There was an error in this gadget

Wednesday, October 6, 2010

Writing Wednesday - The 5 W's

Who?
What?
When?
Where?
Why?
Yesterday I read an article about the 5 W's and their use in writing a non-fiction piece. About half-way through reading I thought the same theory could work when writing a query letter. These are the same questions that make up a plot -- on a very basic level that is.

Consider this for an example. It's a slightly shorter (but not much shorter) version of the query I used to sell RAFE'S REDEMPTION.

Dear Agent/Editor,
I'm seeking representation for my historical novel, set in (when) 1866 (where) Colorado. (who) Maggie is an artist determined to (what)travel and sketch the western landscape. Her cousin is determined to see her dead. But when (why)they're trapped in a rough outpost, Maggie is used as collateral for her cousin's gambling debt.
(who) Rafe went (what) into town to buy supplies, not a woman. But when he sees a beautiful woman being sold to the lecherous townsmen, he (what) offers the winning bid. The last thing Rafe wants or needs is a woman. (why)He's got trouble of his own - a vengeful killer chasing after him.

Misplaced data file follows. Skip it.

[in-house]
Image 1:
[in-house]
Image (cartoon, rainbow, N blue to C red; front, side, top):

Trapped by blizzards and pursued a killer, (who)Rafe and Maggie must attempt (what)to cross the Rocky Mountains (why)before his past catches up to them.

As I said this is a pretty basic breakdown, but I hope it's helpful when trying to write the dreaded query letter:)

4 comments:

  1. So true! And I love the pics you come up with, Jen.

    ReplyDelete
  2. Ah, yes, the journalistic questions;)

    And you're right--answering them can give one a good start on querying. I hadn't thought of that.

    Nice post.

    ReplyDelete
  3. And if you keep it to the basic 5 W's, you don't get too carried away telling the story. Thanks for the reminder, Jen.

    ReplyDelete
  4. Something to think about... Thanks for that. It's along the same lines as what I read in Stephen King's ON WRITING - when you think you're too wordy, break it down and just say what you want to say simply. Then once you've got it, you can make it flow better. Every time I get stuck on something I try to say, I use simple sentences with as few words as possible. Then I dress it up. Works every time!

    ReplyDelete